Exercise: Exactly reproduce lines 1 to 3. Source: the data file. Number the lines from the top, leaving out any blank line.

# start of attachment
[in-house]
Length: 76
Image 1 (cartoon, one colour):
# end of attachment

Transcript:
[in-house]
Length: 76
Image 1 (cartoon, one colour):